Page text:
The proteasome 26S degrades polyubiquitylated substrates in an ATP-dependent fashion (Hanna and Finley, 2007). It can also degrade specific nonubiquitylated target proteins (Orlowski and Wilk, 2003). In budding yeast, the majority of long-lived proteins are not degraded by the proteasome, whereas short-lived protein degradation is strongly affected by proteasome inhibitors (Lee and Goldberg, 1996). Many of the short-lived targets of the proteasome are proteins involved in cell cycle progression. Consequently, a functional proteasome is crucial for cell proliferation. Accordingly, in budding yeast, all but four proteasome subunits are encoded by essential genes. Besides, proteolysis is not the sole function of proteasome subcomplexes, and it has been established that the 19S RP plays an important role in transcription regulation (Ferdous et al., 2001; Collins and Tansey, 2006; Sulahian et al., 2006).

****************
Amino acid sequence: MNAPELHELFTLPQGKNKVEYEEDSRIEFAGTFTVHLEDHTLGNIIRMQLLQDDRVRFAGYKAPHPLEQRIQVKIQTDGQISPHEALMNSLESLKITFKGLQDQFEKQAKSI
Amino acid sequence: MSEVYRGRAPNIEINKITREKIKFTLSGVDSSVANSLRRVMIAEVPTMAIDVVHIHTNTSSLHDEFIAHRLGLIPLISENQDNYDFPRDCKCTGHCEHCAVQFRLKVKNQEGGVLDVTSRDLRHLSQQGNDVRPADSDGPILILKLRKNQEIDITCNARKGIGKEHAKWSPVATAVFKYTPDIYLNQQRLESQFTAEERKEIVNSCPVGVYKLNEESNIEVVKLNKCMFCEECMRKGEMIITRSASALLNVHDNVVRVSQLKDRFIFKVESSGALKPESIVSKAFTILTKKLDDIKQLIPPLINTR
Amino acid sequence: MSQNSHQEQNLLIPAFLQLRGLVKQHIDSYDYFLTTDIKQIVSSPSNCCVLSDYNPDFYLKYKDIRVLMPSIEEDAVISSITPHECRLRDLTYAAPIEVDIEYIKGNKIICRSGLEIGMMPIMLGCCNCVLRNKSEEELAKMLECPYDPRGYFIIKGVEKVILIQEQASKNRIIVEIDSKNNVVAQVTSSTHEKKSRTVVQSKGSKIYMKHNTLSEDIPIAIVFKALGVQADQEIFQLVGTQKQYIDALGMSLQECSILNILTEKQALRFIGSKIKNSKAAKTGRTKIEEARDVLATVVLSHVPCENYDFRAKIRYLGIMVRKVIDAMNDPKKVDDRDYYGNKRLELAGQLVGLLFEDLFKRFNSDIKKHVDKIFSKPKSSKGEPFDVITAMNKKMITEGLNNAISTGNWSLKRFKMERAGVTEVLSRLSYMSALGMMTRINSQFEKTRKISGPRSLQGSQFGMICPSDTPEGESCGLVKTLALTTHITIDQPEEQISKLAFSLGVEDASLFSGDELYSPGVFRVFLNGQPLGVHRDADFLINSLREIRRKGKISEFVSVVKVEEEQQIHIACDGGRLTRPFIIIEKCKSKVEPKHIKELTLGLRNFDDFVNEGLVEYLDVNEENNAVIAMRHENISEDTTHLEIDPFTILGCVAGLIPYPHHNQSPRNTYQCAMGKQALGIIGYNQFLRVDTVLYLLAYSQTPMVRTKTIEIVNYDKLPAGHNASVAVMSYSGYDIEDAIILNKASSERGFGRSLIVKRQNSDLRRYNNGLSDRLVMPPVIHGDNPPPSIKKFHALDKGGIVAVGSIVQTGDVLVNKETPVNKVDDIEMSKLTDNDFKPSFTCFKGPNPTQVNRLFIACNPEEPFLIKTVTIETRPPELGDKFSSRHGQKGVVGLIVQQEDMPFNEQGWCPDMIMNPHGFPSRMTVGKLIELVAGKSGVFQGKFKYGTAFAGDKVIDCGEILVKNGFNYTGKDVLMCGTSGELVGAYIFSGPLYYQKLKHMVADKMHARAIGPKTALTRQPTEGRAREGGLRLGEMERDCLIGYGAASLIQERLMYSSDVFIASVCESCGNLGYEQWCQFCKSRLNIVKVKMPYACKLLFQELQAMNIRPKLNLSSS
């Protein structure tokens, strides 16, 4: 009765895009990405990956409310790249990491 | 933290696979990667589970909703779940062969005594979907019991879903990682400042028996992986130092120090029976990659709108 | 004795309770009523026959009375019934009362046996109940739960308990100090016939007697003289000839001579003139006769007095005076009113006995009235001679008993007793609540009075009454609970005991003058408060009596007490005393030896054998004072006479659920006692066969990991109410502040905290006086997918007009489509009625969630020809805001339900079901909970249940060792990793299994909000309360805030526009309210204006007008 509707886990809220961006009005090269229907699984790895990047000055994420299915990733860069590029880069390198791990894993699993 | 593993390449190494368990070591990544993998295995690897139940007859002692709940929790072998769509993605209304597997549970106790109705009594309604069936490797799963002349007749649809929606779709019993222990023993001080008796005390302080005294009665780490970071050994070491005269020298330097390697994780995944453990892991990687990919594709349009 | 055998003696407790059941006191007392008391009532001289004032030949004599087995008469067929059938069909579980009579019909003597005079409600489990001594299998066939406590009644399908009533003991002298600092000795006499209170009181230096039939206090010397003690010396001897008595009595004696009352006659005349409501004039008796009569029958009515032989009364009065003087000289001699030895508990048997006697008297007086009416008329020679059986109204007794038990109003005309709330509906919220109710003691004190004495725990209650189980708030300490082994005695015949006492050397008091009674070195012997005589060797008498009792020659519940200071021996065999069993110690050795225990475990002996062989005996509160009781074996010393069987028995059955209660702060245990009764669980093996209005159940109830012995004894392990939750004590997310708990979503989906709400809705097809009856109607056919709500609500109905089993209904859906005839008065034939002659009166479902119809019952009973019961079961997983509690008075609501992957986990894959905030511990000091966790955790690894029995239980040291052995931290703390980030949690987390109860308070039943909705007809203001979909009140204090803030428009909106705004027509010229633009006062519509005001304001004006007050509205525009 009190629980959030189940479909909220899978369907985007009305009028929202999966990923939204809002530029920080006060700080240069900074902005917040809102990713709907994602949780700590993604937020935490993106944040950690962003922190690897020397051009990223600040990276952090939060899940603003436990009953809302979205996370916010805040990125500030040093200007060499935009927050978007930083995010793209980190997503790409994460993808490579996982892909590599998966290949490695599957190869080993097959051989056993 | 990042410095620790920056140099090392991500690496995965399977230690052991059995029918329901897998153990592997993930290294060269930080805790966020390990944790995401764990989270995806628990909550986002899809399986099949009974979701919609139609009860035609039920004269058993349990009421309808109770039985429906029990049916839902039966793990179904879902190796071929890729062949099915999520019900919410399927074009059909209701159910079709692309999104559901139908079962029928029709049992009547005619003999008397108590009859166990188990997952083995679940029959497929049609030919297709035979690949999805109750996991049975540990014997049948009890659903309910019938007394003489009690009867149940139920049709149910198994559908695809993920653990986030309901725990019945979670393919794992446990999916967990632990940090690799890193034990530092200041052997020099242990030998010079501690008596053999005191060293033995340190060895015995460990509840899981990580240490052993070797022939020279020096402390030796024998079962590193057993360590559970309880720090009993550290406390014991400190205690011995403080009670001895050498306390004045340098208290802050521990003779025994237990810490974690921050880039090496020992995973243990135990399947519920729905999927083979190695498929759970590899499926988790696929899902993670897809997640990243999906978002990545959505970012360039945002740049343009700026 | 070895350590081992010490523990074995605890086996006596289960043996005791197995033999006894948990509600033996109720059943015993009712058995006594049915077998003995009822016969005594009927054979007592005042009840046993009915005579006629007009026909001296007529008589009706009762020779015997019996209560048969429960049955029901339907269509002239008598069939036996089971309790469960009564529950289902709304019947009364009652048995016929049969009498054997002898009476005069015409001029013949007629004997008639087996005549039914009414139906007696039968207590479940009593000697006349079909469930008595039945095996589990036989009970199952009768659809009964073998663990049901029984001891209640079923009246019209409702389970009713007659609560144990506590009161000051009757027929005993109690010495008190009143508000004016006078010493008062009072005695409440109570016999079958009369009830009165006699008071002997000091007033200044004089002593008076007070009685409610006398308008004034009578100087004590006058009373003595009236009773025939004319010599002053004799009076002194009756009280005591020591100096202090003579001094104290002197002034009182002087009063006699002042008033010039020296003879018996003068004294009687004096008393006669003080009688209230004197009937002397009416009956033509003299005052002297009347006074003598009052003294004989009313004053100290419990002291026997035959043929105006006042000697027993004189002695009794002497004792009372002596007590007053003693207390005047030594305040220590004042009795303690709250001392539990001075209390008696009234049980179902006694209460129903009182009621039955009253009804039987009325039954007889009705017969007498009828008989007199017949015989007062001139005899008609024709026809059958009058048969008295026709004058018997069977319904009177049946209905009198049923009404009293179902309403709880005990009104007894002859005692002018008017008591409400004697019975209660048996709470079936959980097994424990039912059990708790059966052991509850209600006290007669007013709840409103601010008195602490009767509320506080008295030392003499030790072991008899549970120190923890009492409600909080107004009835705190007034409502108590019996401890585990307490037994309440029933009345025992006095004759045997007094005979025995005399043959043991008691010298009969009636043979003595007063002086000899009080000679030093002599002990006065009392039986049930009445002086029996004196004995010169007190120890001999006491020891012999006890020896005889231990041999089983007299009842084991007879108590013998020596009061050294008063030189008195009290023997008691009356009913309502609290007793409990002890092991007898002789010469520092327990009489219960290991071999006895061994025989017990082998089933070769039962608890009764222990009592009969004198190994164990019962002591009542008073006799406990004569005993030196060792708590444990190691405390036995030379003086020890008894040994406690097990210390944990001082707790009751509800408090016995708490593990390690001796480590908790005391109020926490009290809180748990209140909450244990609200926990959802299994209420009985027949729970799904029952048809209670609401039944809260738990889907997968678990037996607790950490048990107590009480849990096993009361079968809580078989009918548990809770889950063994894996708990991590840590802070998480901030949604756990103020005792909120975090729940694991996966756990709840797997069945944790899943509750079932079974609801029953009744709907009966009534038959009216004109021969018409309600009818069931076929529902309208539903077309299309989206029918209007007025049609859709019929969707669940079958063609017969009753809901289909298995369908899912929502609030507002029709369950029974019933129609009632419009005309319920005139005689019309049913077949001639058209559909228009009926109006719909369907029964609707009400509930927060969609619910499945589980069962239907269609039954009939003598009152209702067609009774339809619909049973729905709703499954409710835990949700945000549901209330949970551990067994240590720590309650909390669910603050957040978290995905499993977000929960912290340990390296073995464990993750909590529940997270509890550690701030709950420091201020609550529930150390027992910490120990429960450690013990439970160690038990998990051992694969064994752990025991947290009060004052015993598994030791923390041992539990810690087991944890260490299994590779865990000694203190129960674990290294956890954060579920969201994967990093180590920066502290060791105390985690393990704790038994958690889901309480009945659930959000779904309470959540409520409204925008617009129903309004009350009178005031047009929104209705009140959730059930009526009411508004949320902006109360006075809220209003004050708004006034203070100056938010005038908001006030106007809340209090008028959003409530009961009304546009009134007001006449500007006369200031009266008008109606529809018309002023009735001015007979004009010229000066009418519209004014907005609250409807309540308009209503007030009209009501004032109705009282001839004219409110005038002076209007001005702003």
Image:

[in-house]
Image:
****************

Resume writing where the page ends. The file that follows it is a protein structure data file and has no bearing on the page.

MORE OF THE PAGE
In exponentially growing yeast cells, 80% of the 26S proteasome is localized inside the nucleus throughout the cell cycle (Russell et al., 1999). In Schizosaccharomyces pombe, the nuclear envelope protein Cut8 is required for the retention of the proteasome 26S inside the nucleus (Tatebe and Yanagida, 2000; Takeda and Yanagida, 2005). It is widely accepted that precursors of both the 20S and 19S particles are translocated independently into the nucleus via the karyopherin αβ pathway, where they are subsequently maturated and assembled into active 26S holoenzymes (Lehmann et al., 2002; Fehlker et al., 2003; Heinemeyer et al., 2004; Wendler et al., 2004; Isono et al., 2007; Li et al., 2007).